These negative readings of the film have been reflected in reviews, such as film critic Liz Beardsworth who stated, “Despite solid work from the engaging cast, there’s nothing new here to distinguish Freedom Writers as anything beyond a C+.”
In contrast, the film can be interpreted positively because it is a reminder of the possibility of creating harmony and understanding from racial division and animosity. The main theme of unity is expressed in the film’s most recognized scene known as “The Line Game”. In this scene, Ms. Gruwell asks the students to stand on a line of tape whenever she says a statement that they can relate to individually. The line symbolizes the invisible divisions being broken between the students, as the Latinos, African Americans and Asian Americans realize that despite their racial differences, they have all dealt with similar hardships. The students take a moment to pay respect to the friends and family members that they lost to gang violence. The audience can hear their voices blend together to create a single unified sound. Viewers could read this as a positive and unconventional moment in film, as most stories involve the “good” character(s) defeating the antagonist or villain, but in Freedom Writers, all the students are empowered.
Furthermore, the transformation of the students is another symbol of empowerment and self-respect. When Ms. Gruwell provides her students with copies of The Diary of Anne Frank, the students find upon reading the book that they have an instant connection with Anne Frank’s adolescent angst and fear. They are also moved by the stories of the Holocaust, as they, too, must suffer from the hatred they carry for members of other racial groups. Inspired by Anne Frank’s story, the transformations of the students are seen towards the end of the film when a student is shown dropping his gun into the sewers, which through metonymy represents that he is overcoming his old and violent habits in order to change. The transformations of the students could be interpreted as the film expressing that at-risk youths are capable of growing into respectful adolescents and defying the limits imposed by their socioeconomic backgrounds.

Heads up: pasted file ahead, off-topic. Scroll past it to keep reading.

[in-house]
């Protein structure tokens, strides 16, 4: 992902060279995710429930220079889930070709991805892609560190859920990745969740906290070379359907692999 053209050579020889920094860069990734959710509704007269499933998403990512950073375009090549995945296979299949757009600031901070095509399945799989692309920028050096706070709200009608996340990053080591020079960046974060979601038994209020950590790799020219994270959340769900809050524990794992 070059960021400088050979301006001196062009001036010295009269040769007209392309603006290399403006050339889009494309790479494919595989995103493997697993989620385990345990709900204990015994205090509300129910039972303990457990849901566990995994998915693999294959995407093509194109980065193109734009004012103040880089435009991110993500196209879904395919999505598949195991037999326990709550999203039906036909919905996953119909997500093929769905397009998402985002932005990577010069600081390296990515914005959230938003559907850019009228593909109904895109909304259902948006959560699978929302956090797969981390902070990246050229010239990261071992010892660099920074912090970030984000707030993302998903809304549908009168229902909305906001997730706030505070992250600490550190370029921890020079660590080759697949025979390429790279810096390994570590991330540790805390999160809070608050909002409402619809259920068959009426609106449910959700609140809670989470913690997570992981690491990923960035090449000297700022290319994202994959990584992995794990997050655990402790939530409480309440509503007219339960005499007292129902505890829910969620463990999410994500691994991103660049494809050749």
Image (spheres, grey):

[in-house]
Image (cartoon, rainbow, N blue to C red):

Most viewers have recognized the film’s qualities, such as film critic Marcus Yoars who wrote, “In an inspirational ode to teachers, Hilary Swank uses unconventional means to change the lives of a racially divided group of “unteachable” high schoolers.”
In conclusion, regardless of the contrasting interpretations of viewers, Freedom Writers is simply a cinematic illustration of the inspiring story of teacher Erin Gruwell and her Freshmen English class. The significance of the film can be seen by the fact that in 2007 Freedom Writers won the Humanitas Prize, an award given to films that promote human dignity, meaning, and freedom. Although a number of offensive stereotypes are imbedded within the film, it was the director’s attempt at expressing that less-fortunate and misbehaved teenagers are capable of accomplishing as much as privileged students if they are aware of their potential.